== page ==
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1.  Association of Cumulatively Low or High Serum Calcium Levels with Mortality in Long-Term Hemodialysis Patients 
American Journal of Nephrology  2010;32(5):403-413.
Background
The outcome-predictability of baseline and instantaneously changing serum calcium in hemodialysis patients has been examined. We investigated the mortality-predictability of time-averaged calcium values to reflect the ‘cumulative’ effect of calcium burden over time.
Methods
We employed a Cox model using up-to-5-year (7/2001–6/2006) time-averaged values to examine the mortality-predictability of cumulative serum calcium levels in 107,200 hemodialysis patients prior to the use of calcimimetics, but during the time where other calcium-lowering interventions, including lower dialysate calcium, were employed.
Results
Both low (<9.0 mg/dl) and high (>10.0 mg/dl) calcium levels were associated with increased mortality (reference: 9.0 to <9.5 mg/dl). Whereas mortality of hypercalcemia was consistent, hypocalcemia mortality was most prominent with higher serum phosphorus (>3.5 mg/dl) and PTH levels (>150 pg/ml). Higher paricalcitol doses shifted the calcium range associated with the greatest survival to the right, i.e. from 9.0 to <9.5 to 9.5 to <10.0 mg/dl. African-Americans exhibited the highest death hazard ratio of hypocalcemia <8.5 mg/dl, being 1.35 (95% CI: 1.22–1.49). Both a rise and drop in serum calcium over 6 months were associated with increased mortality compared to the stable group.
Conclusions
Whereas in hemodialysis patients cumulatively high or low calcium levels are associated with higher death risk, subtle but meaningful interactions with phosphorus, PTH, paricalcitol dose and race exist.
doi:10.1159/000319861
PMCID: PMC2941140  PMID: 20814200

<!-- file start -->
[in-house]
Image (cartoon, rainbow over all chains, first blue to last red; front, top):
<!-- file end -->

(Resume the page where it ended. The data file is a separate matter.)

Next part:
Hypocalcemia; Hypercalcemia; Phosphorus; Hyperparathyroidism; Racial disparities; Mineral and bone disorder; Chronic kidney disease; Paricalcitol
2.  Racial and Ethnic Differences in Mortality of Hemodialysis Patients: Role of Dietary and Nutritional Status and Inflammation 
American Journal of Nephrology  2011;33(2):157-167.
Background
Racial/ethnic disparities prevail among hemodialysis patients. We hypothesized that significant differences exist between Black and non-Hispanic and Hispanic White hemodialysis patients in nutritional status, dietary intake and inflammation, and that they account for racial survival disparities.
Methods
In a 6-year (2001–2007) cohort of 799 hemodialysis patients, we compared diet and surrogates of nutritional-inflammatory status and their mortality-predictabilities between 279 Blacks and 520 Whites using matched and regression analyses and Cox with cubic splines.
Results
In age-, gender- and diabetes-matched analyses, Blacks had higher lean body mass and serum prealbumin, creatinine and homocysteine levels than Whites. In case-mix-adjusted analyses, dietary intakes in Blacks versus Whites were higher in energy (+293 ± 119 cal/day) and fat (+18 ± 5 g/day), but lower in fiber (−2.9 ± 1.3 g/day) than Whites. In both races, higher serum albumin, prealbumin and creatinine were associated with greater survival, whereas CRP and IL-6, but not TNF-α, were associated with increased mortality. The highest (vs. lowest) quartile of IL-6 was associated with a 2.4-fold (95% CI: 1.3–3.8) and 4.1-fold (2.2–7.2) higher death risk in Blacks and Whites, respectively.
Conclusions
Significant racial disparities exist in dietary, nutritional and inflammatory measures, which may contribute to hemodialysis outcome disparities. Testing race-specific dietary and/or anti-inflammatory interventions is indicated.
doi:10.1159/000323972
PMCID: PMC3202917  PMID: 21293117